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It’s amazing what you can see in Oxford if you look up. A globe bobbling over the dome of the Radcliffe Observatory. A giant figure staring out across the roof of Blackwell’s Art and Poster shop. Tiny people dotted around the tower of St Mary the Virgin. A cycling don on the Harris Manchester weathervane. A gilded elephant atop the old Indian Institute, its trunk pointing towards the King’s Arms …

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A Devil over Lincoln College and an Imp inside.

A what?! You heard it right. Stand in Market Street, on the corner opposite Brasenose Lane. Now look straight up. Leering over the rooftop of Lincoln College is the unmistakable face of a devil. Eyes bulging, mouth snarling, claws clenched, it squats as if readying itself to pounce on the innocents below.

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And it doesn’t stop there. If you venture a few yards further along Turl Street and peer into the Virginia-creepered walls of the front quad (once home to John Wesley, the decidedly undiabolical founder of Methodism) you will espy, above the doorway leading to the dining hall, an imp, its cloven foot raised, like a demonic sailor dancing a hornpipe.

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Why Lincoln College?

According to medieval legend, two imps were despatched by Satan to do his evil work on Earth. After causing mayhem in the north of England (some say they were responsible for twisting the church spire at Chesterfield) they headed for Lincoln Cathedral where they smashed tables and chairs, blew out candles, scattered hymn sheets, attacked the choristers, and even tripped up the Bishop. It was only when an angel intervened and turned one of them to stone that order was eventually restored. But the other imp managed to escape … Medieval Oxford was part of the diocese of Lincoln, and the founder of the College in 1427 was its bishop, Richard Fleming (hence the college’s other distinctive icon, the mitre) so an impish connection was there from the outset.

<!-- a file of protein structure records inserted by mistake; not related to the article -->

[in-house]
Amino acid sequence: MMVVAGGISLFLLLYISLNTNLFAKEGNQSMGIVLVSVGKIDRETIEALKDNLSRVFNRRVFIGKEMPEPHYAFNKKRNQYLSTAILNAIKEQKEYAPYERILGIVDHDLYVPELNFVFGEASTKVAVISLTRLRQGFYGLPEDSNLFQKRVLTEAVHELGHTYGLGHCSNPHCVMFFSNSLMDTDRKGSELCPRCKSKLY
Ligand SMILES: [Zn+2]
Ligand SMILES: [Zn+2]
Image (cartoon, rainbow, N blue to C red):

Other, smaller imps are visible in the rafters of the Old Library and on several spoons in the silver cutlery collection. The satirical student magazine is named after it, and an exhibition to mark the college’s approaching 600th anniversary features a vitrine of imp-related drawings and memorabilia – even including a cuddly mascot in a Lincoln College T-shirt. The devil’s envoy, it would seem, has at last been tamed.

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So, if you want to see the imp close-up and ugly, you have to descend to the place known as Deep Hall, a subterranean vault (fittingly also the location of the student bar). Here you will encounter the original beast, carved in 1899 to a design by the eminent architect T.G. Jackson, relocated at turn of the millennium, captured and on disconcerting display behind an iron grille, its features spookily contorted by a century of Oxford rain.

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The college website offers a sober warning:

Roosting uncomfortably on a stairway to nowhere, starkly lit and savagely austere in its decor, the Imp had found a demesne well suited to its nature. And there it squats to this very day: part ichthyic, part batrachian; wholly abhorrent. Venture alone to its niche on some dark night and meet its repellent gaze; feel the malice, the sheer malevolence of its stare and dare to defy the chill you feel in your very blood.

Improbable. Impudent. Impressive.

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With thanks to: Dr Perry Gauci, Lindsay McCormack, Lynn S and Meester Lockett; and in memory of the great Paul Langford FBA, Rector of the College (2000-2012), who re-instated the Devil over Lincoln.

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We received this intriguing observation from a Private Eye reader:

Has anyone noticed the resemblance between the Lincoln Imp and Homer Simpson (whose larger-than-life effigy I spotted recently in a Gentleman’s Hairdresser on Gloucester Green)?

Are they perhaps related?

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Cara Hunter, author of the best-selling DI Adam Fawley crime novel series set in Oxford, is an alumna of Lincoln College. We’re very grateful to her for drawing our attention to the following article in the College Magazine, Imprint, and to Lindsay McCormack, the College Archivist, for the slide which featured in a recent presentation.
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